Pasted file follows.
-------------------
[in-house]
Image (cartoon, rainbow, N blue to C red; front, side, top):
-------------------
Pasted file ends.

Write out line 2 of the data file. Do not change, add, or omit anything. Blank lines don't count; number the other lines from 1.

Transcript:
Image (cartoon, rainbow, N blue to C red; front, side, top):